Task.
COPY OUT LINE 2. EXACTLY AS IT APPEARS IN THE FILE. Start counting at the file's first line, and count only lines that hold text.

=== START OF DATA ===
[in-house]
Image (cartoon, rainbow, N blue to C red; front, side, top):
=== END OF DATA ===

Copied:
Image (cartoon, rainbow, N blue to C red; front, side, top):